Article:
As recently as 2013, a Brasilian doctor friend of mine from SP was visiting NYC for a month. We hung out a few nights, had dinner at a few of my favorite Manhattan Thai restaurants, then wound up on the couch of her hotel watching the Spurs-Heat NBA Finals game 6. One thing led to another and I unexpectedly wound up spending the night in her hotel room. This is the magic of Brasilian women — they flirt in a very feminine way and don’t come off as complete slut bags the way American women do.

    All in all, my experiences with Brasilian women over the years has been nothing but positive.

  10. I don’t know if its getting better or worse since I don’t know what it was like 10 years ago. I can only tell about my personal experience. I spent 1 month in Brazil last year just before carnival and 3 months working and living in Sao Paulo this year, September to December. I can tell you that I have never seen so few cute girls in my life in such a big city. They don’t have pretty faces, many are overweight, obviously don’t take care of their bodies. Man, many Brazilian girls have hair on their legs. brr, disgusting. I have seen more hairy legs in Brazil than anywhere else in the world. I thought “Brazilian wax” comes from Brazil but obviously many of them have never heard of it. The attitudes are bitchy. Girls are extremely flaky and unreliable, probably more than Medellin where I lived for 6 months ( and it says a lot, believe me). There are hot girls like everywhere but sometimes I could be out on the streets and the metro all day and see one cute girl in 6 hours. One, damn it! I can see hot girls every 5 mins in Medellin where I am now or in Bogota. Brazil is expensive, probably twice the cost of Colombia. Overall, there are some good things, like the food or the infrastructure is way more developed than most of south America. But let me tell you, girls are not hot in Brazil, at least in Sao Paulo, Curitiba or Belo Horizonte, cities where I spent 3 days or more. Rio migth be a little better but not much. Don’t come to Brazil for girls. just my opinion.

    • That’s an interesting perspective. I was told my guys who’ve visited Brasil that many of the women are hot. Some even visit each year. I guess I’ll have to go and see for myself. I heard Rio is like Miami.

  11. When is your new book coming out ?

  12. I’ve spend one year in Brazil in 2014. It was the year of the world cup so the best time to see how proud of their country brazilians are.
    At first you feel like brazilians are the most proud people on the planet but talking to them and digging deeper I realized it is just a facade and it really stems from insecurity.
    If I can make a comparison, I would say that Brazil is a really hot girl with low self-esteem.
    When you are a westerner, you see this hot girl and you are blown away by her beauty, sensuality and friendliness.
    But all she thinks about herself is corruption, violence and there is no hope for her.
    So she looks up to America, the bad boy dressed as a good man, who is going to reassure her fragile ego but will have no mercy ravage her and leave her senseless after he is done with her.
    It has already started and it is a shame as Brazil has this refreshing vibe and energy like nowhere else in the world.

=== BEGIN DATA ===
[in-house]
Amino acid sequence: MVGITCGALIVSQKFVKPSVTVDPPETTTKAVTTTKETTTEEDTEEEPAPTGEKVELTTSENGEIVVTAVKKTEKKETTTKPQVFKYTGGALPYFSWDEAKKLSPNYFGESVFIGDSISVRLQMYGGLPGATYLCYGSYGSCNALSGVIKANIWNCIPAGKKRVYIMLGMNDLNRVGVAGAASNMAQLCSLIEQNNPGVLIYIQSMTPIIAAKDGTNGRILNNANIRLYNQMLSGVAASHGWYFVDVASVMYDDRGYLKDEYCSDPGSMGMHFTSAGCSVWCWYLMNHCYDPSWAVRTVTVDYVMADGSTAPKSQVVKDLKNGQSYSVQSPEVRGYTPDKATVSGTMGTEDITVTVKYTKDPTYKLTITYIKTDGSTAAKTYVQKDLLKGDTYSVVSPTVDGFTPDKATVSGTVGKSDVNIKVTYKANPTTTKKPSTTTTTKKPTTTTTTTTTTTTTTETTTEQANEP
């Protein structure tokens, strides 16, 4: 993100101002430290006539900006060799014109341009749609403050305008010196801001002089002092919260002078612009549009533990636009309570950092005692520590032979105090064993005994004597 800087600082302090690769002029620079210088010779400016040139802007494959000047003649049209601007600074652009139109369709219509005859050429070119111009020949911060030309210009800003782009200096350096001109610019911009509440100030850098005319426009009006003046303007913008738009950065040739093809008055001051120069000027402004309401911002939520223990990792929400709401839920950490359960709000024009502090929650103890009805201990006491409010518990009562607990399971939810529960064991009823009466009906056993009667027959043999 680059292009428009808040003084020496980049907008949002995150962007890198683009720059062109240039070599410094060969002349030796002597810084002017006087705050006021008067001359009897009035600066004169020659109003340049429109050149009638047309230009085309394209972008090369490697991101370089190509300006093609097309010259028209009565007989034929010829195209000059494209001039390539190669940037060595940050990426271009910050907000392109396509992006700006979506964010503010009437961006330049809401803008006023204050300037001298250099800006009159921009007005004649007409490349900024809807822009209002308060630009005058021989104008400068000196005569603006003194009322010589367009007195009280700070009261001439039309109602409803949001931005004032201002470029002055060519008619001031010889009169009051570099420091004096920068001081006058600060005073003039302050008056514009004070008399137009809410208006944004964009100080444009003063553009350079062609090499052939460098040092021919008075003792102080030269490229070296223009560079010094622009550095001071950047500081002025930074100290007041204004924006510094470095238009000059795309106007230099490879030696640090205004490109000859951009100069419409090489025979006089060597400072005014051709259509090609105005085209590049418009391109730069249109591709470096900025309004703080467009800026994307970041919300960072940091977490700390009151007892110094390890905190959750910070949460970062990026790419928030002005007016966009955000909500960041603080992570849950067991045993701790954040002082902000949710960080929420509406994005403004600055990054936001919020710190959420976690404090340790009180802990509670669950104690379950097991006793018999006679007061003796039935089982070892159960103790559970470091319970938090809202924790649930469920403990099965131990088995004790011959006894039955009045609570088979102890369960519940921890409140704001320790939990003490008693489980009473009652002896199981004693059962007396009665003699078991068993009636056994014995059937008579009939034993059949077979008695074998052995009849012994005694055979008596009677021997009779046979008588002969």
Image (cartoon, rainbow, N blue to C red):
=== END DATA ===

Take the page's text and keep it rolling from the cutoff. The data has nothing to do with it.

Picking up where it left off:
• What I would like to see is how this plays out by region. You have a lot of variance in Brazil as it is a huge country. We tend to speak of Brazil as a monolith. But are these changes effecting goucho girls in the countryside the way they are swaggering Paulistas?

    • Where does the line between being proud and insecure?

      Sometimes it’s hard to separate the two.

  13. This a great piece. I’ve been to Brazil 3 times: ’10, ’12 and ’14. Apart from people having cell phones (like anywhere in the world), I don’t feel Brazil has changed at all.

    It’s still Brazil!

    I’ll be going back for six months in 2016.

    If anyone wants to meet up in Rio, hit me up.

  14. Mav, do you know that you’re now my favorite travel/masculinity blogger?

    I fucking love your writing style. Very forceful but without being overbearing.

    BTW, I’m going to Brazil next month. I’ll let you what I think!

  15. Another solid post.

  16. I am really surprised no one mentioned the World Cup 2014 yet, as it is the first thing when I hear the word Brazil comes to my mind. But anyways here I go … I have never been to Brazil but I will definetly go there, and here is the truth why.

    I have some really good experience with Brazil in the summer of 2014 when we beat Brazil 7-1 in the World Cup Semifinals on their own Turf:) Brazil is the number one Football Nation in history, so beating them 7-1 is something we are unbelievable proud of. Man I still get the chicken Skin when I think about this. All the hot Brazilian female Football fans crying in the Stadium live on TV, because we beat their Team 7-1. Back to the topic Brazil is a great Country, good Food sunny weather beautiful ladies friendly People. But I heard it is not really safe for travellers, would it be dangerous wearing a German Football Jersey ? Or will being German help me getting laid ? It is a serious Question, maybe some of the Readers can answer 🙂

  17. If you hear rumors from one or more people, then confirm those rumors with other different people.

    You would be a fool to listen to someone talking bad about a country he or she has never been.

    I truly think that there are more ignorant people (especially in the U.S.) who would lie about a country (e.g. Brazil) being dangerous but hide the ugly truth where they live.